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Author Archive: Steve Socransky

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Say this 3 times fast… “Tricuspid Annular Plane Systolic Excursion”

July 9, 2015 0 Comments
Say this 3 times fast… “Tricuspid Annular Plane Systolic Excursion”

At the last EDE 3, Dr Andrea Unger presented the parasternal short axis view and some newer Cardiac EDE concepts. Tricuspid annular plane systolic excursion was one of them, a term which I am hard-pressed to remember! Its acronym, TAPSE, is easier to recall, but Andrea wisely renamed this entity as “Base Jump”. While working […]

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Gamers love POCUS!

June 4, 2015 0 Comments
Gamers love POCUS!

We teach femoral and forearm nerve blocks at EDE 2 and a bunch more nerve blocks at EDE 3. The forearm blocks are easier than the femoral block but the indication doesn’t come up as often. At EDE 2, we often get asked about the clinical scenarios in which we would use a forearm block. […]

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POCUS at CAEP 2015

May 30, 2015 0 Comments
POCUS at CAEP 2015

Yours truly will be at ÉDU 2 CHUM in Montréal on June 1-2, so I’ll be missing out on the POCUS fun at CAEP. For those of you who will be there, here’s a summary of everything POCUS: 3 consecutive meetings on Monday, June 1, all in salon 6 Ultrasound practice committee, Ryan Henneberry, 930-1030 […]

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Fewer admissions with Hip POCUS

May 30, 2015 0 Comments
Fewer admissions with Hip POCUS

The Canadian healthcare system is perfect, eh? Uh, no not really. One of the more well-publicized and frustrating ways in which this imperfection manifests itself is the wait list for orthopedic consultation and elective surgery, the most notorious being joint replacement. All Canadian EDs probably see patients with some frequency who present with osteoarthritis of […]

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POCUS for that? Really?

May 10, 2015 0 Comments
POCUS for that? Really?

When we first developed The EDE 2 Course and as we continue to develop new topics at the POCUS laboratory that is EDE 3, participants don’t see it but we go through our own phase of doubt that POCUS could possibly be useful for one indication or another. We ask ourselves “Really? For that?!?” One […]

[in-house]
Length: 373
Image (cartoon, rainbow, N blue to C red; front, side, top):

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What’s the diagnosis and what’s the gold standard for POCUS??

March 2, 2015 4 Comments
What’s the diagnosis and what’s the gold standard for POCUS??

A man in his late 50s presented to an ED a while back during the summers months with a 3 day H/O multiple complaints including rhinorhea, sore throat, dry cough, vomiting, loose stool, right frontal headaches, dyspnea, dysuria, and dark urine. So, a mixed picture. Fever of 100.9 was measured at home. No contacts or […]

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Now that Greg has made you afraid of necrotizing fasciitis…as you should be!

February 9, 2015 3 Comments
Now that Greg has made you afraid of necrotizing fasciitis…as you should be!

Greg posted a couple of cool cases of necrotizing fasciitis in December. We had a case of nec fasc in our department in the last few months that has made everyone quite wary! It has dropped our threshold for worrying about this nasty entity. I saw a patient last month who presented with diffuse cellulitis […]

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Dr Richard with a pneumonia that just won’t go away!

January 13, 2015 1 Comment
Dr Richard with a pneumonia that just won’t go away!

Thoracic EDE is one of the hot topics in the POCUS world. This is Ben Ho’s chapter at EDE 2. Joel Turner (@JTMcGillEM) has presented some newer aspects at EDE 3. Here is a case from Dr Bernard Richard in Valleyfield that illustrates its utility. Incidentally , Bernard will be making his debut as an […]

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Dr. Richard on Armpits, Metal Rods, Pus, and T-shirts

October 20, 2014 1 Comment
Dr. Richard on Armpits, Metal Rods, Pus, and T-shirts

Here’s a neat case from Dr Bernard Richard from Valleyfield in la belle province… A 30 y.o. man fell on a metal rod a week ago. He was seen in the ED and had his 10 cm right axillary wound sutured. I saw him a week later for 4 cm lump that was located 15 […]

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Time is testicle!

October 10, 2014 2 Comments
Time is testicle!

Scrotal EDE is one of the topics that Greg presents at EDE 3.  While not a life-threatening entity (try telling that to an 18 y.o. male!), it still carries with it significant morbidity.  Ultrasound is key to the diagnosis and can help assess the success of attempts at de-torsion. I recently saw an 18 y.o. […]

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